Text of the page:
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All iPhones, iPads and Macs hit by Intel flaw

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Apple has confirmed an Intel glitch has affected all iPhones, iPads and Mac computers.

The US tech giant said the processor flaws, known as Meltdown and Spectre, could leave millions of customers exposed to hackers.

It emerged this week that developers have been trying to prevent hackers taking advantage of the flaw in microprocessors built by Intel and ARM.
There has been no evidence so far the flaws have been exploited by hackers.
However, as developers try to fix the flaws this is causing devices to slow down by up to 50% when performing computer tasks requiring a lot of storage or network usage.
In a blog post, Apple said it had released software updates for iOS, its phone and tablets software, macOS, used by its computers, and tvOS for its television products.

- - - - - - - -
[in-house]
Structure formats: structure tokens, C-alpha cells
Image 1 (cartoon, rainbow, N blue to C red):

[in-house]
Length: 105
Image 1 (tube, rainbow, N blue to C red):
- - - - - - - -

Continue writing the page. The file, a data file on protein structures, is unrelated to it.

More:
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It said the Apple Watch is not affected by Spectre.
Users should only download apps from trusted sources to avoid being made vulnerable, the post said.

Image: The flaw affects Intel microprocessor hardware
“Security researchers have recently uncovered security issues known by two names, Meltdown and Spectre,” Apple added.
“These issues apply to all modern processors and affect nearly all computing devices and operating systems.
“All Mac systems and iOS devices are affected, but there are no known exploits impacting customers at this time.
“Since exploiting many of these issues requires a malicious app to be loaded on your Mac or iOS device, we recommend downloading software only from trusted sources such as the App Store.”
Apple said it will release an update for its web browser, Safari, in the next few days.
A spokesman for the National Cyber Security Centre told Sky News: “We are aware of reports about a potential flaw affecting some computer processors.

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“At this stage there is no evidence of any malicious exploitation and patches are being produced for the major platforms.
“NCSC advises that all organisations and home users continue to protect their systems from threats by installing patches, as soon as they become available.”

Source: SKY